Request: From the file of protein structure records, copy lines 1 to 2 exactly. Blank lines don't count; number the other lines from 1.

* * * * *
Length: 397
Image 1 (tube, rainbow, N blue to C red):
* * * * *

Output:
Length: 397
Image 1 (tube, rainbow, N blue to C red):